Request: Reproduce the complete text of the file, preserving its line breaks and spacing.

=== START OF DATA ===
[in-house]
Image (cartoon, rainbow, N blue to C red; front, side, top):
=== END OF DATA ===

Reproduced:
[in-house]
Image (cartoon, rainbow, N blue to C red; front, side, top):